Gillette Faces Backlash, Boycott Over #MeToo-Inspired Ad on 'Toxic Masculinity'

© AFP 2022 / Jung Yeon-je A South Korean demonstrator holds a banner during a rally to mark International Women's Day as part of the country's #MeToo movement in Seoul on March 8, 2018.
A South Korean demonstrator holds a banner during a rally to mark International Women's Day as part of the country's #MeToo movement in Seoul on March 8, 2018.  - Sputnik International
The shaving brand has played on its famous 30-year tagline “The Best A Man Can Get”, asking “Is this the best a man can get?” in a new commercial against “toxic masculinity”.

Gillette landed in hot water after an attempt to embrace the #MeToo movement by putting the responsibility on men to end bullying, sexism, and sexual harassment in a new controversial ad.

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The 90-second-long commercial, called “We Believe”, encourages men to change their behaviour and shows shots of different men looking in the mirror as news on the #MeToo era is broadcast in the background.

“Is this the best a man can get? Is it?” a voiceover is heard asking.

The ad continues by highlighting all the ways the mistreatment of women has been normalised over the years, and stressing that “toxic masculinity” and excuses defending ad behaviour should no longer be tolerated.

“We can’t hide from it. It has been going on far too long. We can’t laugh it off. Making the same old excuses. But something finally changed. And there will be no going back. Because we… We believe in the best in men. To say the right thing. To act the right way. Some already are, in ways big and small. But some is not enough. Because the boys watching today will be the men of tomorrow”.

The commercial also features a clip of actor Terry Crews, a victim of sexual assault, saying: “Men need to hold other men accountable”.

READ MORE: Indian Businessman Admits He Recorded Sex Fearing #MeToo Accusations

The ad has generated a heated debate, and drawn much criticism from social media users, who blasted the shaving brand for the commercial’s tone, with many accusing Gillette of jumping on the social justice bandwagon:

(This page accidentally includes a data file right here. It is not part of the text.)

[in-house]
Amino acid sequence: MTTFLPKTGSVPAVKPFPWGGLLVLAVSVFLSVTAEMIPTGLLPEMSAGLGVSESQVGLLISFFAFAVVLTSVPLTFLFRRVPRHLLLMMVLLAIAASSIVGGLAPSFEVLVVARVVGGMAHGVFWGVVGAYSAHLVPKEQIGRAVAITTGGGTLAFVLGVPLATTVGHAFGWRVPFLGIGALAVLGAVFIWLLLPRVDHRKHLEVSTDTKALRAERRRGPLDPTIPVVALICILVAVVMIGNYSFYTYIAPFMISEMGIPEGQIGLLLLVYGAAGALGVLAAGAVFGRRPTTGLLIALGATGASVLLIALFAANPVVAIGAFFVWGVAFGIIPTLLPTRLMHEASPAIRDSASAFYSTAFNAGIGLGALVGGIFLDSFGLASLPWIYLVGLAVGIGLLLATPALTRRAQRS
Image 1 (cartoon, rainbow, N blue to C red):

A vast number of netizens announced that they would boycott the company and switch to other brands:

The majority of users pointed to the fact that the ad portrayed boys as “monsters-in-waiting”, and wrongly equated masculinity with men’s bad behaviour:

On the other hand, there were those, who admired the ad, describing it as “must watch”…

…while others lashed out at people who negatively viewed the ad:

Gillette has also pledged $1 million a year to non-profit groups “designed to help men of all ages achieve their personal ‘best’, changing the conversation of modern manhood for generations to come”.

“From today on, we pledge to actively challenge the stereotypes and expectations of what it means to be a man everywhere you see Gillette. In the ads we run, the images we publish to social media, the words we choose, and so much more”, the brand, owned by Procter & Gamble, wrote on its website.

The #MeToo movement has been gaining ground since October 2017 after a wave of bombshell revelations of alleged sexual misconduct against influential Hollywood figures, including film producer Harvey Weinstein, surfaced. The hashtag #MeToo became increasingly popular on social media, prompting women from across the globe to speak publicly about their sexual harassment experiences.

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